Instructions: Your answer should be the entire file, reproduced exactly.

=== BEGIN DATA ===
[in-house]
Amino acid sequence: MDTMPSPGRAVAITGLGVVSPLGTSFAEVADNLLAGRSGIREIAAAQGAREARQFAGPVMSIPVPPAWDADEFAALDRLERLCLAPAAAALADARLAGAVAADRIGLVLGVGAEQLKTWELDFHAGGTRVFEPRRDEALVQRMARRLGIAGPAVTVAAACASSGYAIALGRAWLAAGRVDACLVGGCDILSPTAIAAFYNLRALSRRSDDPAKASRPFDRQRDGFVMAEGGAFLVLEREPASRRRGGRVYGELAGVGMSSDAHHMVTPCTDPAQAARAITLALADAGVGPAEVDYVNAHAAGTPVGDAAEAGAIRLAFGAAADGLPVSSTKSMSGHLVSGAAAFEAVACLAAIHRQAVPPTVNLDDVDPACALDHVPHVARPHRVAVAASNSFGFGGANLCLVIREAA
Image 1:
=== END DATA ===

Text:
[in-house]
Amino acid sequence: MDTMPSPGRAVAITGLGVVSPLGTSFAEVADNLLAGRSGIREIAAAQGAREARQFAGPVMSIPVPPAWDADEFAALDRLERLCLAPAAAALADARLAGAVAADRIGLVLGVGAEQLKTWELDFHAGGTRVFEPRRDEALVQRMARRLGIAGPAVTVAAACASSGYAIALGRAWLAAGRVDACLVGGCDILSPTAIAAFYNLRALSRRSDDPAKASRPFDRQRDGFVMAEGGAFLVLEREPASRRRGGRVYGELAGVGMSSDAHHMVTPCTDPAQAARAITLALADAGVGPAEVDYVNAHAAGTPVGDAAEAGAIRLAFGAAADGLPVSSTKSMSGHLVSGAAAFEAVACLAAIHRQAVPPTVNLDDVDPACALDHVPHVARPHRVAVAASNSFGFGGANLCLVIREAA
Image 1: